Barack Obama says the Israeli-Palestinian impasse is a threat to the United States' national security. But is he acting like it is?
Two States, No Solutions
BY JAMES TRAUB
DECEMBER 17, 2010
Indeed, international delegitimation may be the most powerful weapon the Palestinians have. The West Bank leadership will keep raising accusations that Israel is violating international law, whether through its blockade of Gaza or its commando raid last May on the flotilla seeking to break the blockade, in the hopes of shifting global public opinion and thus raising the pressure on Israel. Nathan J. Brown, a Middle East expert at George Washington University and a pronounced skeptic of the peace process, suggests that the "South Africanization of Israel, if coupled with a domestic nonviolent campaign," might make the status quo far less acceptable to Israelis.
Israel, of course, has been living with delegitimation for a long time, and is prepared to keep doing so. But is the Obama administration prepared to continue acting as Israel's sole bulwark against the world? Officials have steadfastly defended Israel from criticism and backed off the demand for a settlement freeze, even as their own frustration has mounted. Netanyahu has now killed Plan A. Plan B, the parallel talks, will finally allow the administration to put its own proposals for borders and perhaps the other "final-status" issues on the table. Maybe something will come of that; but it's unlikely. The two sides are becoming less, not more, prepared to make painful sacrifices.
The Netanyahu government has gotten very deft at stringing Washington along without explicitly saying no. What if that happens again with the parallel talks? Is the Obama administration prepared to do something that would put real pressure on Tel Aviv? The answer is almost certainly no. There are no signs that Clinton or others are leaning in this direction, and with an incoming Congress even more primal in its support for Israel than the current one, the White House is unlikely to risk the political costs of tightening the screws on Israel. And yet Israel's intransigence ensures that the "new beginning" with the Middle East that Obama famously promised in his Cairo speech of June 2009 will not happen, with all the attendant consequences for America's standing in the region. Is that really acceptable?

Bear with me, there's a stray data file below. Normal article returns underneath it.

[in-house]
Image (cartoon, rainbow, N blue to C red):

If the White House fears the consequences of Palestinian efforts at applying leverage, whether through violence or civil disobedience or "South Africanization," then it must find leverage of its own. Certainly, it has a lot more sticks and carrots than the Palestinians do. Should the administration begin to apply conditions to U.S. aid, as the blogger M. J. Rosenberg recently proposed? Should it open up channels with Hamas, as others suggest? Should it stop automatically rushing to Israel's side every time its ally is accused of violating international law? Far less controversially, what about going public with a proposed map of the two states, either directly or through the medium of the United Nations? Both the Netanyahu government and Hamas would be likely to reject the proposal, but it might galvanize publics on both sides, thus strengthening Abbas's hand and weakening Netanyahu's.
If the Obama administration really believes that the impasse in the Middle East is a national security threat for the United States, than Obama will have to mobilize American public opinion behind whatever action he chooses to take. He will have to explain that this is not a question of pitting American interests against Israeli ones, but of acting in a way that ensures the long-time security of both states. In the Cairo speech, he eloquently addressed the hopes of the Middle East. Now he must face the equally difficult, and equally crucial, task of addressing the public at home.
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